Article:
The White Paper is very weak in terms of the future role of the Reserve Defence Force. The RDF is an opportunity for society to remain connected to the Defence Forces and vice versa. Downgrading and diluting the RDF is bad policy. It is uncertain if that is the political intention but I do not think it is. There should be a recognition of the influence of the RDF within youth, society, training, linkage, presence, visibility and sport. The White Paper submission on the RDF should be examined to see if the draft White Paper fully interprets the place of the RDF in society and whether the White Paper will ultimately lead to the disappearance of this structure.
Unlike other elements of the public service, the Defence Forces do not have an occupational injury scheme. The current approach is adversarial. This is not conducive to an environment where the realities of military service increase the risk of such injuries. The White Paper should copperfasten such a scheme. Due to the nature of military service, no insurance company will provide cover for serving Defence Forces personnel. The proposed sick leave time does not adequately provide reasonable time in which a serving soldier can transition to a civilian occupation without compromising a personal or family home. Any HR review proposals arising from the White Paper must include consultation and negotiation with the two defence organisations, RACO and PDFORRA. The rights of both are legislatively based, so this requirement must be focused upon.
It would be remiss of me not to address the closure of Columb Barracks in Mullingar. That decision was foolhardy, disgraceful and had no economic basis. It was driven by a Minister who was subsumed with arrogance and who listened to nobody. I do not like saying "I told you so", but everything I said about it has proven to be true. However, if one is omnipotent, autocratic, knows everything and listens to nobody, one will make the wrong decisions. That is what happened in this case.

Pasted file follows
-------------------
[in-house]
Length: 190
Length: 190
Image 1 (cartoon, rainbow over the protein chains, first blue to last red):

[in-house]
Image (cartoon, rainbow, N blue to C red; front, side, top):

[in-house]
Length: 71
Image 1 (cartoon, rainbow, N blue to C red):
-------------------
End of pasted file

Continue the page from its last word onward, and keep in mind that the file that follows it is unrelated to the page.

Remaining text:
There is still time and, in fairness, the current Minister is a person who listens. I do not think the bureaucrats will listen. However, a politician's job is to make decisions and a civil servant's job is to implement decisions, not the other way around.
The reorganisation of the Army element of the Defence Forces in 2012 resulted in most elements of the RDF being twinned with a pairing regular army unit. While some independent reserve units remained, the majority were twinned with regular units. This places responsibility for the training and administrative oversight of the twinned reserve unit on the commanding officer of the regular Army unit. This integration leading to a greater ambition of inter-operability between the regular Defence Forces and the RDF is an attempt to import from other states a concept that has previously been tried and failed in Ireland.